A few weeks ago, we cited Canada’s Globe and Mail, which wrote with great insight: “It’s entirely possible the Magna bid is in serious trouble. Indeed, the obstacles-political, economic, financial and industrial-are formidable and the negotiations are just starting . . . . Let’s just say that Magna’s bid for Opel is shaping up to be the most complicated auto deal of the year.”
That was quite an understatement.
For a while, the Magna deal sounded as good as done, except for a long list of unresolved issues, each explosive enough to blow the most solid deal. Then, new bidders were invited back. China’s BAIC made an attractive offer. The EU had a word to say. The Opel topic split the ruling coalition in Berlin that is engaged in bitter electioneering. In the meantime, GM, emboldened by its wash-and-rinse exit from bankruptcy, is getting more assertive and greedy.
Reuters now reports that “managers at GM may be hoping the U.S. Treasury—its largest shareholder—would back plans to sell a stake to RHJ, instead of to Magna.”
Moribund RHJ (their annual loss doubled last year to €1B), for long thought to be out of the game, handed in a new proposal. RHJ is reported to require €3.8B in (German) state aid as part of a deal for a majority stake in Opel, against an expected request of €4.5B from Magna. China‘s BAIC has asked for only €2.64B in aid.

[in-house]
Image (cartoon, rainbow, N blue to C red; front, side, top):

The possible plan: The Belgian-based group could do the dirty work, find excuses to close surplus assembly plants and fire the workers, collect money from any government that wants to keep plants open. Then, RHJ will sell back its stake in Opel to GM. The reinvented company “wouldn’t have to get its hands dirty with measures it would have found politically difficult or impossible to implement itself,” as Reuters puts it.
The German unions share the same queasy feelings: “The suspicion is that RHJ as a financial investor would act the interest in GM and quickly flip it back to them,” said Armin Schild, a union leader who sits on Opel’s board.
GM may be emboldened, but they also may misread the political cues from Germany. The German government holds the majority of Opel in trust, in exchange for €1.5B bridge financing. Their biggest fear is that any state aid will flow back to Detroit. The pre-election political climate in Germany has turned anti-bailout.
On a national level, politicians from both sides go slow. The elections will most likely be decided by retired people who worry more about their pensions than about keeping factories open. The haggling between bidders gives Berlin time to do nothing. All other carmakers in Europe and their governments wouldn’t shed tears over Opel’s departure.
Worldwide production capacity is currently estimated at 90 million units per year. Only approximately 50 million units are currently sold. As much as governments may prop up their national auto industries for political reasons, ugly reality calls for closing down plants.
Only two months until the national elections in Germany. When they are over, and no deal is closed, Opel will be closed also.